Robin Ventura entrusts Zach Putnam with the task of holding a 2-0 lead in the ninth. But Putnam gave up three hits as the Mariners scored two to force extra innings. | Getty Images
MARINERS AT SOX
The facts: 1:10 p.m., CSN, 670-AM, 97.5-FM.
The pitchers: Taijuan Walker (1-0, 4.50 ERA) vs. Hector Noesi (2-5, 4.53).
Updated: July 6, 2014 2:32AM
The White Sox’ use of a closer-by-committee strategy backfired again in the ninth inning of a 3-2, 14-inning loss to the Seattle Mariners on Saturday.
The uncertainty of the committee system also looks to have wormed its way into the psyche of the team’s bullpen.
“As relievers, it’s nice to know when you’re going to throw,” said Zach Putnam, who blew the save as the Sox frittered away a stellar start by left-hander Jose Quintana, who blanked the Mariners over 7 2/3 innings.
“But again, when you’re called upon, your job is the same, no matter what the inning is, no matter what day, the situation, what have you. I didn’t get the job done today. Hopefully, I’ll be given another opportunity. If not, I hope the next guy gets the job done.”
Quintana outdueled Mariners ace Felix Hernandez, who allowed one hit — Adam Eaton’s single to lead off the game — through seven innings. But the Sox broke through against Hernandez for two runs in the eighth. Dyan Viciedo’s double scored Conor Gillaspie, and Tyler Flowers’ sacrifice fly drove in pinch runner Moises Sierra.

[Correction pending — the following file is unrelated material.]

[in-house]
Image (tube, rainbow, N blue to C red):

Eric Surkamp began the ninth, walking the only hitter he faced. In came Putnam, who allowed three hits and a run — the first was charged to Surkamp — and the game went into extra innings.
Overall, the bullpen has had some solid stretches. In the last seven games before Saturday, Sox relievers had posted a 2.95 ERA, and opponents had hit .250.
The final three outs have been the problem.
“We’re at the point where we’re using different people in that spot,” manager Robin Ventura said. “Every once in a while, those guys are going to give up runs. When it does, it’s going to look like a blown save, but we’re rotating around guys until somebody really emerges.”
The hitch is no one has emerged.
Matt Lindstrom had occupied the role, but he has been on the disabled list since May 20 with a torn tendon sheath in his left ankle. But even before then, he didn’t look completely comfortable in the ninth inning.
The biggest issue is that the relievers consistently have failed to throw strikes, trying to get hitters to chase balls out of the zone. It begs the question whether they have confidence in their stuff.
Up and down the league, plenty of teams struggle to find a closer.
“Anytime you give up runs and they tie it up, it shows you,” Ventura said. “We’re not the only ones. It happens throughout the league.”
In Putnam’s opinion, “The ninth shouldn’t be any different for a reliever than any other inning. You’ve got to do your job and get outs. Today, I made some pitches, a couple mistakes, but I got a few ground balls. There are days when those ground balls turn into outs.”